The physical damage caused by war is obvious. People maimed, wounded and killed, cities reduced to rubble and agriculture ruined. The twentieth century introduced new horrors to war, such as the indiscriminate carnage of aerial bombardment. Despite the exaggerated claims made for so-called smart bombs, the first war of the twenty-first century has already left hundreds of civilians dead and thousands more homeless and threatened with starvation.
Bad as this is, the spiritual damage is every bit as real and in the long run, perhaps even more tragic. In times of war, a type of collective madness prevails. Values and ethics become turned into an evil mirror image of themselves. Murder and destruction are not only condoned, but praised. Deceit becomes the common language of governments and media. Hatred becomes a civic virtue.
A milder, but more insidious, form of this psychic pollution is the position which acknowledges the effects of war, but accepts them as necessary evils. There is an appalling selfishness in the argument that death and destruction in faraway lands are regrettable, but a price worth paying. The ones making this argument are, of course, not the ways who have to pay that cost.
The Buddhist religion does not offer any justification for violence. This is not to deny the historical reality that Buddhist countries have at times waged war, and even occasionally abused the name of the Buddha for nationalist propaganda. Such cases are travesties that have nothing at all to do with the true Dharma. In the Buddhist teachings there is no doctrine of a Just War, much less a Holy one.
The very first ethical precept of Buddhism is not to harm or kill any living being. Good Buddhists will not kill even insects, let alone human beings. There are no exceptions allowed. In the Pali tradition at least, this may be taken as an absolute. There is certainly no textual justification for any kind of "lawful killing", whether it be in the case of war, or of capital punishment. It is impossible to support war and honour the First Precept.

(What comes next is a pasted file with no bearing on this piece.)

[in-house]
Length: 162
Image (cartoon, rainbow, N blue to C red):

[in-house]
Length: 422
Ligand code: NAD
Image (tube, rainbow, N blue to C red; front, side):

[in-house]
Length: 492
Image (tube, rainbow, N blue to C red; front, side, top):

One of the cardinal virtues in Buddhism is compassion. This is defined as the wish that beings be free of suffering. To become a liberating spiritual state, compassion must be universal. If some being or collectively of beings is excluded from compassion, it is not universal. If it is not universal, then some aspect of the total reality is being rejected. For one who supports a war, it is impossible to practise compassion fully. Instead of wishing that all beings be well and happy, the war hawk wishes that some beings be blown to bits as quickly as possible.
A common criticism of pacifism is that it is unrealistic, and doesn't confront evil. However, the use of violence is only the most obvious response to conflict. It is not necessarily the best one. In the understandable, if misguided, desire for security a resort to war leads to the perpetuation of evil. Violent responses tend to breed a cycle of violent counter-responses. We have seen this again and again, in Yugoslavia, in the Middle-East and elsewhere. Killing follows killing until it becomes meaningless to ascribe blame.
It takes much more courage and creativity to seek lasting non-violent solutions. These can never be based on the imposition of one country's will upon another but must involve open and equal relations. This is not at all a simple thing to achieve, especially with the weight of human history being dominated by power, fear, greed and the other poisons of the mind. But it is a pressing necessity of this new century. No lasting peace can ever be built on a basis of force. The Buddha said "Hatred is never overcome by hatred. Hatred is overcome by Love. This is a Law Eternal." Do we have the courage to live by this precept?